Nearly half of drug-drive screening tests carried out over Christmas were found to be positive according to initial government figures.
During the Christmas 2015 drink and drug-drive campaign, 1,888 drug screening tests were carried out in just one month across England and Wales with nearly 50% were positive.
A year after the government introduced new drug-drive laws, police in Cheshire arrested eight times as many suspected drug drivers than in 2014, with over 530 from March 2015 to January 2016 – up from 70 for the entirety of the previous year.
On 2 March 2015 it became an offence in England and Wales to drive with even small amounts of 17 legal and illegal drugs in your system, including cannabis, cocaine, ecstasy and ketamine. The law removed the need to prove the driver was “impaired” and set the levels so low, it effectively brought in a zero tolerance when it comes to drug driving. The offence carries an automatic 12-month driving ban, a fine of up to £5,000 and a prison sentence of up to six months.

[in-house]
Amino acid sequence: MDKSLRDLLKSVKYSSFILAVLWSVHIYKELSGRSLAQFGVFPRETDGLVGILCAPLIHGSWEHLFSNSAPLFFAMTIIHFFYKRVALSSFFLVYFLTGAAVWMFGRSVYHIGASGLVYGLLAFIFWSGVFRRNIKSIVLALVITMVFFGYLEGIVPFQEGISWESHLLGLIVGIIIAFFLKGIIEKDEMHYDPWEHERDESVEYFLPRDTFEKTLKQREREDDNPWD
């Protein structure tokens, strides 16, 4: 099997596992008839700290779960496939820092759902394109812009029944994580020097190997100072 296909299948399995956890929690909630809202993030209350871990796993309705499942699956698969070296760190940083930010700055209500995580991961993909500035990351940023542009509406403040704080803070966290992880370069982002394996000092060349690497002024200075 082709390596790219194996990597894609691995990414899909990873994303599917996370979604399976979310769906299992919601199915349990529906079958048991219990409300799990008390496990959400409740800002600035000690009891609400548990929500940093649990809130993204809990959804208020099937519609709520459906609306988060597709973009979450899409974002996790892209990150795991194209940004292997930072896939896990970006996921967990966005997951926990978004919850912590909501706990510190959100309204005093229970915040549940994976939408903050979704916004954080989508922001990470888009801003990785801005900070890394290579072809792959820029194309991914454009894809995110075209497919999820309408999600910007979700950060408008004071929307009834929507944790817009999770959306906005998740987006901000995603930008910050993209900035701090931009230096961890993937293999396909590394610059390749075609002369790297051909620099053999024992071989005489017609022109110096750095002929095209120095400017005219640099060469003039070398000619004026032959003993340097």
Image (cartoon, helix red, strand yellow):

Cheshire Chief Constable Simon Byrne said: “Cheshire Police’s figures speak for themselves. We have taken a no nonsense approach to using this new legislation as part of our wider work to target criminals who use our road networks.”
Meanwhile, in a survey from road safety charity Brake and Direct Line, one-in-14 drivers (7%) admitted they drove at least once a month after having taken drugs.
The survey also found one-in-12 people (8%) thought they had probably or definitely been a passenger in the last year, in a car driven by someone who had taken drugs and one-in-six people (16%) said they would get in a car with a drug driver.
Rob Miles, director of car insurance at Direct Line, said: “The significant increase in drug-driving convictions since the change in the law last year should serve as a serious deterrent to those considering getting behind the wheel after taking drugs. This is testament to how, when road safety issues are given due prominence, positive change can be achieved.”